Monday, April 13, 2009

Grantland Rice at the Hollywood Assistant Beer Pong Tournament

Retired New York Herald Tribune sports columnist Grantland Rice happened to be passing through Hollywood this past week. And out of courtesy to the Hollywood Temp Diaries, he covered the 5th Annual Hollywood Assistant Beer Pong Tournament. What follows is exclusive coverage of the event...

Outlined against a neon-tinged April sky, the Three Horsemen rode again. In dramatic lore they are known as Famine, Pestilence, Destruction (Death was working her second job and couldn't make it). These are only aliases. Their real names are Harrison, Ross and the Unnamed Ponger. They formed the crest of the Hollywood mudslide which fought bravely at the El Guapo Cantina Saturday evening as hundreds of inebriated, underemployed assistants gazed, nay, were mesmerized by the ongoings at the Beer Pong Table of Destiny.

A mudslide cannot be contained. It must be channeled, like a steer en route to slaughter or a beagle to a bath. When this mudslide of ping pong parabolic resplendence begins, all in its path -- from the weakest intern to the strongest coordinator -- must take shelter or risk demolition from this roster of lowly Temps.

Team Spyglass sent their finest crew into action, an aggressive organization that threw with grace and poise of Cynthia Gregory among a sea of pachyderms. But when Coach X rushed his Three Horsemen to the pitch, they fought with the mettle of a 1,000 brave warriors. Achilles himself could not have staged a braver battle, one of nerve, desire, determination and drunkenness.

The clash offered nearly an hour of a disquiet reminiscent of a Fred Perry v. Gottfried von Cramm match at Centre Court. Like the brave cowboy breaking a stallion, it delivered a whipsaw of violence, aggression and, ultimately, beauty not seen since hurler Mitchell Steven Williams.

Team Temp Diaries struck first with a lob from Ross that squarely and purely, disrupting the peaceful meniscus of his foe's Miller Lite. But Spyglass's combatants Karla "Quiller" Quiboloy and James "Mr. F" Finnigan were none to rattled. And with eyes of fire and flammable breath, Mr. F beamed the white orb into Temp Diaries cup.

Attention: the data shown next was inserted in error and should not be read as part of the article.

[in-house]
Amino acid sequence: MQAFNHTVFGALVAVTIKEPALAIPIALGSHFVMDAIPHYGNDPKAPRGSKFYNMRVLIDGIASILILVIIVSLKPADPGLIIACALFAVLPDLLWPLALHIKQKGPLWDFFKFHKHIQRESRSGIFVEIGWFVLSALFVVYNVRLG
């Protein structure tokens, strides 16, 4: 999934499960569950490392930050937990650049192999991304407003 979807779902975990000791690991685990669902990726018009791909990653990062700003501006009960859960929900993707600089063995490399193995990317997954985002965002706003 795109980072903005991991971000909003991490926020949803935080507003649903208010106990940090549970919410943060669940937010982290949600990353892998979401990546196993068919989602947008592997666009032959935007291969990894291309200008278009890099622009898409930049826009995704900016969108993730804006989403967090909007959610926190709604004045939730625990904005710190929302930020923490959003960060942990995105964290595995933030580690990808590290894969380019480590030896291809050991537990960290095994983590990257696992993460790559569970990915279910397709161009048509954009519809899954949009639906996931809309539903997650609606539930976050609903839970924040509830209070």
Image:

Back and forth they went like the Hatfields and the McCoys. Two teams of rugged individuals intent on destroying the other. But only one could triumph.

And then the moment came. With everything hanging in the balance each team had only one cup standing. "Quiller" calmly eyed her shot, narrowing her eyes with dangerous intent. And like a hummingbird, the ball shot out of her hand straight and true. Directly into that final cup. For it was all over. Team Spyglass had triumphed leaving the Temps to wonder what might have been.

History has a curious way of remembering things. Bill Buckner's error in Game 6 was not the Red Sox end in the 1986 World Series. For they also squandered a three-run lead in Game 7 en route to another crushing defeat. During the New York Knickerbockers 1970 title clincher, Clyde Frazier scored 36, but people only remember Willis Reed limping on to score those first four points. The same will be said of this match of beer pong heavyweights. It's not who won or lost, but how remarkably the game was played.

Never has mud been so beautiful.

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